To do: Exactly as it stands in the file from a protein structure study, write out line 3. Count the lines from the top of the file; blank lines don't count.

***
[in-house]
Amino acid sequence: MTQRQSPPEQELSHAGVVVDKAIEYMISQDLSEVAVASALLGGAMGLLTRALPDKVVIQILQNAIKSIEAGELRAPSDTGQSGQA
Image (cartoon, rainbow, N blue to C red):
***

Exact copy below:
Image (cartoon, rainbow, N blue to C red):